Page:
Understanding the Survey Plat

September 7, 2010 by · Leave a Comment 

A buyer should always get a new survey when purchasing any type of property, but it is especially important when purchasing a home. A survey is an official document done by a licensed surveyor that delineates the property boundaries (the lot lines) and diagrams where improvements like a home, swimming pool, garage, driveway, retaining walls, sheds or any other permanent building or fixtures are located on the property. The survey also shows recorded easements that could affect the use of the property. For example, there may be an easement for a gas or underground utility lines that runs through property. A homeowner could not build anything permanent in that easement. So, if a buyer was thinking of adding a pool in the backyard, and there was an easement running through it, the buyer would not be able to add the pool in that area.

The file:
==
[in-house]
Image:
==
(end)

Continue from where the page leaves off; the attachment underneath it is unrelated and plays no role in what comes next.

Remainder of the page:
A survey is also useful when a homeowner wants to add a fence or build any other improvements so that they correspond with the property lines. Structures built over the property lines could cause a boundary dispute with neighbors.

The title company that issues title insurance on the property will require a current survey that shows the improvements before issuing a title commitment. As part of a real estate purchase, the buyer contractually has a negotiated number of days after receiving the survey and the title commitment to make objections to encroachments or anything else that would affect the title or the use of the property. The lender reviews the title commitment and survey as well because the property is collateral for the loan. Both the title company and the lender must approve the survey.

At the bottom of the survey, there will be an official seal from the survey company that shows the date the survey was done. Flood zone information is also frequently found here too along with a description of the easements.

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